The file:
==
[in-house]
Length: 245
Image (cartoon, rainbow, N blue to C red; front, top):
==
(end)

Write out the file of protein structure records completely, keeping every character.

[in-house]
Length: 245
Image (cartoon, rainbow, N blue to C red; front, top):